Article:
One of the beautiful things about music and the life of the artist is that they encourage us to be creative problem solvers, flexible and determined in the midst of change. One of my favorite sayings is “Adapt and endure.” The musical life should support the life of the human being and not the other way around. In the situation where one must stay at home, it is most likely necessary to curtail frequent performances on stage. But for thousands of years music making has taken place off stage as well as on. When we take our music from the professional sphere and bring it into the home, we can give it as a gift to our children, teach them about beauty, self expression, world cultures, language, and logical thought processes. We can teach them to sing and/or play an instrument. We can teach them to appreciate the wonderful music of others. In this way we give them the gift of freedom, the gift of art.

There is a historical context to this approach to music. During the Enlightenment in Europe, pianos were first built and sold in great numbers. They were often sold to people in the new middle class, people who wanted to educate themselves and their children. They wanted pianos in their homes because they valued culture. Composers during this time wrote thousands of piano works and instrumental sonatas to satisfy the demand for music in the home. We owe the existence of the violin and piano sonatas of Mozart, Beethoven, and Schubert to this demand. Even today pianos are often to be found in homes as a sign of “the good life.” Not every home has someone who knows how to play these instruments, but they are there nevertheless. But of course some families do boast of pianists of various skill levels. How beautiful it is when a family’s home is alive with real music! Children can be taught to appreciate and play at a very early age. By creating an environment where music making is encouraged, the stay-at-home artist is passing on culture to the next generation. This is one of the most important and joyful things we can do as human beings!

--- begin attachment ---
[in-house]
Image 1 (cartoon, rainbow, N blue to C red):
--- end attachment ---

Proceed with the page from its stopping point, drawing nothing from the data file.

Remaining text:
So with these thoughts in mind, I continue to create, even late at night. I continue to be an artist, teacher, and musician. I play and sing nursery rhymes by day and write symphonies by night. My newest project is “Symphonic Picture No. 8: The Creation.” It is in three parts and musically tells the story of Genesis, Salvation History, and The New Creation when we are reconciled to the Creator through Jesus. It is a very personal project, one of meditation, of experimentation, of praise and thanksgiving.

The Benefits Of Playing Music When You Retire

This article was written by a fellow musician and friend to whom I had the great privilege of teaching violin. It is my hope that by sharing this article more retired adults will be inspired to become involved in the arts.

The Benefits Of Playing Music When You Retire

by Bernice Greenstein


Being retired is usually leaving the fast lane.
For some people it’s a time to stop for a while.
For others, it’s finding opportunities to continue
your life’s passions.

My passion has always been music.

I was lucky to have a piano in my home when I
was a child.  The pleasure of learning how to play
this instrument has been a never-ending journey.

It’s been said, “That we use both sides of our brain
when we play the piano.”  I think playing any musical
instrument is very beneficial.  You can be as creative
as want to be.  The sense of accomplishment is very
rewarding.

Being retired is a wonderful time to renew your skills